In summary, the co-expression approach associates groups of P450s with specific hormonal pathways. The analysis is however more informative in the case of stress signaling which involves strong responses than in the case of low concentration hormones controlling plant development. It is thus expected to mainly support characterization of new stress signaling pathways.


The abundance of publicly available microarray expression data provides a stunning amount of information that has been exploited only sparsely to date. A correlation between gene expression and their biological/biochemical roles is necessary, and when genes encode metabolic enzymes acting in the same pathway, they are expected to be co-regulated. The data presented here covering known pathways largely confirm these assumptions. Based on co-expression analysis of the complete P450 superfamily in A. thaliana we have generated novel hypotheses regarding biochemical and biological functions for a large number of individual genes or gene groups involved in common pathways. Strikingly, the first validation of a new pathway predicted from our data was published independently during evaluation of this manuscript [53], thus further confirming the potential of this approach. More leads will emerge from this analysis in the next years, supported by an increasing number of characterized genes functions. New hypotheses can now be addressed experimentally by exploiting the expanding toolbox of reverse genetics, such as insertion mutants combined with targeted metabolic profiling, and by reverse biochemistry using collections of recombinant proteins and medium throughput screening of substrate collections [58]. The same approach can also be extended to other gene families, including transcription factors, and thus has the potential to considerably accelerate the molecular understanding of plant natural product metabolic networks and regulation.

Materials and Methods

Probe set selection and expression data of P450 genes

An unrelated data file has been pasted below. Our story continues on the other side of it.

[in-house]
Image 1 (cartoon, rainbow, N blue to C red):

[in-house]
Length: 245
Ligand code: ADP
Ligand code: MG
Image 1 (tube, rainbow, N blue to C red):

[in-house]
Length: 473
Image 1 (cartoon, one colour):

A collection of all cytochromes P450 from A. thaliana (271 genes as of April 2005) and the corresponding AGI (Arabidopsis Genome Initiative) locus identifiers (Atxgxxxxx) were retrieved from the' PlaCe Arabidopsis P450 database' (Table (Table2).2). For 21 P450 genes annotated at PlaCe, no AGI locus was associated. Those included 18 annotated pseudogenes. Two pairs of P450 genes were associated with the same AGI-locus (CYP71A27P and CYP71A28: At4g20240; CYP71A23 and CYP71A24: At3g48290), leaving a total of 248 AGI loci. These were used to identify corresponding probe sets on the Affymetrix ATH1 microarray using the 'Genevestigator' probe selection tool [10]. 21 genes were not represented on the array. The remaining 227 genes were represented by a total of 229 probe sets, with 26 genes being represented by more than one probe set, and 32 probe sets representing more than one gene. Using the 'Genevestigator' probe selection tool we identified all genes recognized by these probe sets, and if more than one probe set was present for a given gene, we selected a single, specific (if available) probe set for that gene. This resulted in 216 selected probe sets; of these 191 recognize a single P450 gene, 21 recognize two genes, 3 probe sets may hybridize with three genes and one recognizes four genes for a total of the 227 represented P450s, and three non-P450 genes (flanking genes that are also recognized by the probe set). The probe sets used and the genes recognized by these probe sets can be found at the 'CYPedia' home page.